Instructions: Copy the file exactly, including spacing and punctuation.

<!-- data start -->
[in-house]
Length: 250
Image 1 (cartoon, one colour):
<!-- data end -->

[in-house]
Length: 250
Image 1 (cartoon, one colour):